What I Read In March

What I Read In MarchBy all rights, March really shouldn’t have been a successful month for reading. It’s prime dissertation time in the Tamsin household at the moment (I’ve got just under three weeks to get it written, formatted, printed, bound and submitted to the Cambridge History of Art department), so I’ve been losing myself in books. Ok, I really shouldn’t really be surprised. Books are fantastic procrastination.

So this month I read five new non-Tripos books!

The Name of the Rose by Umberto Eco
One that’s been on my TBR list for actual years. I was so happy to finally get my teeth into this one! And it proved very toothsome indeed. I wrote a review about it here.

Wool by Hugh Howey
I loved this a lot. Wrote a review about it here. Sidled into Forbidden Planet yesterday and bought the sequel, Shift, and really can’t wait to read that next! I think I’m going to parcel it out in little sections and read each as a treat every time I’ve written a bit of dissertation. Then Dust can be my post-exams treat…

Wedding Night by Sophie Kinsella
I haven’t had a chance to read good old-fashioned chick-lit in absolutely ages, and I’ve had a soft spot for Sophie Kinsella’s writing ever since I made the mistake of not packing enough reads for Thailand in 2007, and bought everything she’d ever written in the tourist bookshop in the nearest town. Pure escapism.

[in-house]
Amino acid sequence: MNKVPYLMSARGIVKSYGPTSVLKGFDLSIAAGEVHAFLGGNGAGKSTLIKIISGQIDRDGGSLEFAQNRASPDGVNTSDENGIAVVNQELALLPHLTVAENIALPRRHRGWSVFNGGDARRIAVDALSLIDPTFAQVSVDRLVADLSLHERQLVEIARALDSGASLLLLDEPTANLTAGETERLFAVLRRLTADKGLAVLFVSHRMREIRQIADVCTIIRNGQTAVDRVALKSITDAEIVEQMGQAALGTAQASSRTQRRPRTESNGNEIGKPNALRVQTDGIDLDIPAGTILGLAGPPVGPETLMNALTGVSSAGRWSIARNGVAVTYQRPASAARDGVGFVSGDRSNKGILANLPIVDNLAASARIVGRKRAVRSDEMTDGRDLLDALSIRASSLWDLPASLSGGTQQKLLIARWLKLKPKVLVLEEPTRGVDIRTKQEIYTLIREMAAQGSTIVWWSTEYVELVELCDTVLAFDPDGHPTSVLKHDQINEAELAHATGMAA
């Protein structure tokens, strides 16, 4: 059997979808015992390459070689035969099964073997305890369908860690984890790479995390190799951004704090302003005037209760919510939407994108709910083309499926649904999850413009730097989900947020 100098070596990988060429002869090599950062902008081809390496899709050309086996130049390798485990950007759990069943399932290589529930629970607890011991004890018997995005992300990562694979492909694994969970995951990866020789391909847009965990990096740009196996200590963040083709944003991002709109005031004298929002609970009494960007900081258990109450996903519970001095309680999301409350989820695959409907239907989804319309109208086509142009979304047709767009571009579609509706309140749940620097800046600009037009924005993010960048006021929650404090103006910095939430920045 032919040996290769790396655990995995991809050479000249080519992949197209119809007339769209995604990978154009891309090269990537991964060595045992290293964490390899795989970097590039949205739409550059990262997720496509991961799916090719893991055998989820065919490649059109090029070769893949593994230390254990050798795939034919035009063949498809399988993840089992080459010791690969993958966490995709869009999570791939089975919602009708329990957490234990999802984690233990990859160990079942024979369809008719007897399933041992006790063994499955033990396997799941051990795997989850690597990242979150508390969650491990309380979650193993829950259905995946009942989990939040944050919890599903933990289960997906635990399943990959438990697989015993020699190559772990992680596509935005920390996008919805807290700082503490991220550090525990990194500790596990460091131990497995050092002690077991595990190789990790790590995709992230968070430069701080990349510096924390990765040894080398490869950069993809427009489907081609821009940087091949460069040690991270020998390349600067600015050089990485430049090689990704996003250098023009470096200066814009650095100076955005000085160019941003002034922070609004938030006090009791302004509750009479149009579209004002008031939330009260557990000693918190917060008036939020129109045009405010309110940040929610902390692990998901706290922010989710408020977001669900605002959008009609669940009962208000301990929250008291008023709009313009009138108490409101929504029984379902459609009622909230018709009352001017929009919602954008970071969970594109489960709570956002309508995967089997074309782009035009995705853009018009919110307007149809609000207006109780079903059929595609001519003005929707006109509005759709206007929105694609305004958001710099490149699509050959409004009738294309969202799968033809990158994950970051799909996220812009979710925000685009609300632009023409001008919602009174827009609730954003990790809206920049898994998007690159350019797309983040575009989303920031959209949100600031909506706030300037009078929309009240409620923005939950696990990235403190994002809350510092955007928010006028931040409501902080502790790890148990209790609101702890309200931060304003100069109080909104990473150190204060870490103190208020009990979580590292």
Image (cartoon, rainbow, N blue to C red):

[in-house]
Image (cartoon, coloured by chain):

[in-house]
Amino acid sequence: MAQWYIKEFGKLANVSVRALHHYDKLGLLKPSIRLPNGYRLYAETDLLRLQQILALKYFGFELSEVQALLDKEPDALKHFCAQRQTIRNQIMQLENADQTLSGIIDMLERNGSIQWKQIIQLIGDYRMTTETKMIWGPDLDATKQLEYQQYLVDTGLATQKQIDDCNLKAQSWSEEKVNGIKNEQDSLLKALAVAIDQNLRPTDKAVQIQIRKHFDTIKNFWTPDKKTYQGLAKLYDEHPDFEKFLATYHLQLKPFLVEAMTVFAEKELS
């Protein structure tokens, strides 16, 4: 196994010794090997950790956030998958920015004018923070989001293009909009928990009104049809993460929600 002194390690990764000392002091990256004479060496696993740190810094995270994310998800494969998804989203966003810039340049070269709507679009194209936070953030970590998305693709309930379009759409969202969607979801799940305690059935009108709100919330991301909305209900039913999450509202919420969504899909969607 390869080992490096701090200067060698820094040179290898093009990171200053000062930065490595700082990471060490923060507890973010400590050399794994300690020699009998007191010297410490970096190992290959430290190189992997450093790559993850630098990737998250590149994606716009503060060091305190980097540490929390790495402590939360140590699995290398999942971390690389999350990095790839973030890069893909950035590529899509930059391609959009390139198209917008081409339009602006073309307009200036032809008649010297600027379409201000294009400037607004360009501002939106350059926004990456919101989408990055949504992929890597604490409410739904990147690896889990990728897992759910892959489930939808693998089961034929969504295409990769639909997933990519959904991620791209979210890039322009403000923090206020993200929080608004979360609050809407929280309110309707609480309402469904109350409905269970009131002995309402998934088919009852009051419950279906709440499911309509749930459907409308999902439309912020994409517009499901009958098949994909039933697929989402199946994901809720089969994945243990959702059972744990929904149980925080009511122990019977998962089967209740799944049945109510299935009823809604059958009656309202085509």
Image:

Sandman: Season of Mists by Neil Gaiman
My boyfriend bought me the first Sandman graphic novel for my 22nd birthday in December, and I’ve slowly been reading my way through the series since then – this one is number 4! The writing is incredible (such a Gaiman fangirl) and I love that since I don’t have to wait for new novels to come out, I can read as slowly or as quickly as I like, and see how the art develops. These books are gruesomely fascinating, and I love them.

The Fault in Our Stars by John Green
A book that forces you out of your comfort zone and makes you contemplate things your mind usually shuts itself away from – namely, death. And how we’re all just barnacles on the container ship of consciousness. I wrote down my thoughts about it here.

Re-reads included Nicholas Sparks’ The Notebook (so many tears) and George Orwell’s1984. The latter was read to commemorate my seeing the Almeida play, which was equal measures of brilliance and grisly to a face-hiding degree. Go see it if you can when it transfers to the West End!

I can’t believe it’s April already. Time to get my skates on with the old dissertation I reckon. No more non-academic books. Well, except maybe Shift…

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